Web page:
COVID-19 (Coronavirus) may impact your travel plans. Wherever you're going, you'll find the latest advice here.

News Solo travel: What is it really like?

All articles

Solo travel: What is it really like?

Thinking of planning an trip on your own? While solo travel often conjures images of a lone adventurer exploring the world, the truth is that travelling alone can be as social or solitary as you wish.

Solo travel provides a sense of freedom unmatched by few other experiences in the world. You can go wherever you like, whenever you like, without having to consult other opinions.

While I often wish I could travel with my partner, family, or friends, our schedules, preferences, and budgets rarely align. Instead of waiting for the right conditions to align for a dream holiday together, I venture alone. I have travelled solo to over twenty countries within the past ten years.

Here’s what travelling alone is really like.

Please note: Travel restrictions can change at any time. Before planning your journey, consult official local travel advice as well as

It’s easy to make friends as a solo traveller

Solo travellers are quickly growing as a demographic. In many parts of the world, it’s rare to stumble into a hostel or sign up for a tour without encountering fellow travellers who are also a party of one. I met one of my best friends in a hostel while travelling solo through Thailand. Since then, we’ve been to Indonesia, Tonga, and Fiji together.

The best thing about meeting other solo travellers on the road is that they’re oftentimes looking for a travel companion without the full-on commitment. Hopping in and out of plans is part of the solo travel culture.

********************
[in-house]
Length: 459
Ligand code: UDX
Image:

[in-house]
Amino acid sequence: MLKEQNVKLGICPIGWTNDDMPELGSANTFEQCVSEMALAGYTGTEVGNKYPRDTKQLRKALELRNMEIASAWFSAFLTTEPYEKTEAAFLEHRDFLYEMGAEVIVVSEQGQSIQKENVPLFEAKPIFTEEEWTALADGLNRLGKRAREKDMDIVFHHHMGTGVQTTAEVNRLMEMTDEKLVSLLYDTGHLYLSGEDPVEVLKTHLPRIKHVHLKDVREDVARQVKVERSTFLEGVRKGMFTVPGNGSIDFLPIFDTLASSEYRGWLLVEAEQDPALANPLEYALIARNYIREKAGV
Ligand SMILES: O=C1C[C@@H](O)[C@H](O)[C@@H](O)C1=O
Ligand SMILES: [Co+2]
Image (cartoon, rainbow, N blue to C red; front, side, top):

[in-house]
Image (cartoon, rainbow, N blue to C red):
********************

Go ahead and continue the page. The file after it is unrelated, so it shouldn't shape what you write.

As a solo traveller, you’re often seen as approachable to other travellers. Don’t be surprised if you end up being more social and making more friends than on trips you’ve been on with a travel mate in tow.

Solo traveller making friends on a rooftop

When loneliness is a concern, pencil a group tour into your itinerary. Prioritise staying in hostels over hotels. If you’re hesitant to snooze among snorers, many hostels have private rooms as well as guided tours, group activities, and common areas where travellers intermingle.

Solo travel might be safer than you think

All travel, including solo travel, inherently comes with risks. But by following general safety rules and precautions, solo travelling can be a safe and enjoyable experience.

If it’s your first trip travelling alone, choose somewhere where you’re likely to feel confident and comfortable. For example, New Zealand, Singapore and Canada make for exciting first time solo travel destinations and score top marks in the Global Peace Index.

Solo travel woman sitting on a rock and admiring the sunset
Parc National du Bic, Quebec, Canada

You’ll want to plan ahead more as a solo traveller than you would if you were travelling in a group. Arranging transportation and accommodation ahead of time will make you less susceptible for rushed decisions, and keep you further off the radar of opportunists.